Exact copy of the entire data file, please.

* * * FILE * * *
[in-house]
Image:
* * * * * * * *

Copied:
[in-house]
Image: